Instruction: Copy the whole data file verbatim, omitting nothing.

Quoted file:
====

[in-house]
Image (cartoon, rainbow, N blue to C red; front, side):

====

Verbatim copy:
[in-house]
Image (cartoon, rainbow, N blue to C red; front, side):